The Multichannel Field Recorder You Can Build Right Now

Field recorders, or backpackable audio recorders with a few XLR jacks and an SD card slot, are a niche device, and no matter what commercial field recorder you choose you’ll always compromise on what features you want versus what features you’ll get. [Ben Biles] didn’t feel like compromising so he built his own multichannel audio DSP field recorder. It has a four channel balanced master outputs, with two stereo headphone outputs, eight or more inputs, digital I/O, and enough routing for multitrack recording.

Mechanically, the design of the system is a 3D printed box studded on every side with various connectors and patch points. This is what you get when you want a lot of I/O, and yep, those are panel mount connectors so get ready to pony up on the price of your connectors. The analog front end is a backplane sort of thing on a piece of perfboard, containing an eight channel differential I/O.

Of course any audio recorder is awful to use unless there’s a great user interface, and for that you can’t get any better than a high-resolution touchscreen on a phone. This led [Ben] to use Bluetooth to connect to an app showing the gain, levels, a toggle for phantom power, and a checkbox for line or microphone. If that’s not enough there are also some MIDI knobs for volume, because MIDI is still great for user input. It’s everything you want in a portable recording rig, and yes, there is a soundcloud demo. You can also check out a demo video below.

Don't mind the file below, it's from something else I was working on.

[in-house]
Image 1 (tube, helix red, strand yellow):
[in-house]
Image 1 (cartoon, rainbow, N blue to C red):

8 thoughts on “The Multichannel Field Recorder You Can Build Right Now

  1. When the easiest way to connect inside enclosure is BT, you know that phones are not meant to cooperate. But THAT is the definition of a hack. Props to [Ben] for making everything work! I would probably stop and tried to make something less hacky, spend too much time and give up halfway.

  2. That box does not look 3D printed… It looks more like a electrical utility box that you can buy off the shelf at hardware stores…These come even in IP65 (at least that’s what the manufacturer says), so theoretically with a bit of siliconing around the connectors, it could be made waterproof, which most of the commercial offerings aren’t.

  3. I love Hackaday! I just spent about a half hour looking up all these IC’s evaluation kits and terms (XLR, phantom power). Though, I feel smarter I’m not sure if it was the best use of my time. LOL! Cool project. Always interesting how people source things together to make something that is useful.

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